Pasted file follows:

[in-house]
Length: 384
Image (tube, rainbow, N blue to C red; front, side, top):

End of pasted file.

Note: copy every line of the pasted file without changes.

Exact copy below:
[in-house]
Length: 384
Image (tube, rainbow, N blue to C red; front, side, top):